The two beam differential interferometer has several limitations. The modulation of the focused spots is dependent not only on the amplitude of the SAW but also on the angular orientation of the SAW propagation with respect to a chord passing through the two spots. The detected amplitude of a SAW is thus the component of surface wave motion along the direction parallel to the chord. Accordingly, SAWs of unequal amplitude and different angular orientations may appear the same to the two-beam interferometer. In fact, a SAW propagating at a 90° incidence to the reference chord would ideally generate no detectable sign of its presence.
It is an object of this invention to provide an interferometer that measures both the amplitude and orientation of propagating, broadband SAWs.
Another object of this invention is to provide an interferometer for measuring the amplitude of progagating broadband SAWs without regard to the orientation of the propagating waves.
A further object of this invention is to provide means for increasing the sensitivity of optical detectors used in two-beam differential interferometers.
Other objects and advantages of this invention will become apparent hereinafter in the specification and drawings.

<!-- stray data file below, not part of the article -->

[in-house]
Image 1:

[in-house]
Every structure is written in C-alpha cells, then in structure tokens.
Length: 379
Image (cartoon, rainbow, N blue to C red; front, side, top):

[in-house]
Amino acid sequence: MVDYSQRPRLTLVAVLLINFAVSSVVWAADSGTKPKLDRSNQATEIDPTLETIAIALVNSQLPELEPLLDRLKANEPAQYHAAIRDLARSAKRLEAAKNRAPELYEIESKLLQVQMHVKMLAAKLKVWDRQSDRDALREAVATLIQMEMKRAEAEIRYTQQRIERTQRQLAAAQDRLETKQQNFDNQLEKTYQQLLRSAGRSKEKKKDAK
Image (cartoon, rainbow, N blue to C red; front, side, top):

The four beams from two dual beam interferometers are focused on the SAWs to be measured in a crosshair configuration. That is, straight lines between each set of dual beams are perpendicular to each other. The reflected beams are separated into pairs and then detected to produce two signals. The two signals are processed to provide both the amplitude and orientation of propagation of the SAWs. Separation of the reflected beams is accomplished by polarizing one pair of dual beams differently from the other pair before they are focused on the SAWs. Then the two pairs of reflected beams are separated in accordance with their different polarizations.
FIG. 1 is a block diagram of the invention;
FIG. 2 is a diagram showing the positions of the beams focused on the SAWs; and
FIG. 3 is a diagram showing alternative positions of the beams focused on the SAWs.
Turning now to the embodiment of the invention selected for illustration in the drawings the number 11 in FIG. 1 designates a laser source with a forty-five degree polarization. The beam 12 from laser source 11 is split into equal intensity beams, 13 and 14, by a beamsplitter 15. Beam 13 is split into two equal intensity beams, 16 and 17, by a beamsplitter 18. Beam 14 is reflected by mirrors 19 and 20, and then split into two equal intensity beams 21 and 22, by beamsplitter 18. Beams 17 and 22 are reflected by a mirror 23 onto a dove prism 24 mounted at a forty-five degree angle to the horizontal. Prism 24 rotates beams 17 and 22 to a perpendicular orientation with respect to beams 16 and 21. The rotated beams 25 and 26 (26 is not shown because it is behind beam 25) are reflected by a mirror onto a polarizing beamsplitter 28. Beams 16 and 21 are also directed onto beamsplitter 28. Beamsplitter 28 polarizes beams 25 and 26 ninety degrees with respect to beams 16 and 21. In addition, all four beams are aligned in parallel and centered by beamsplitter 28.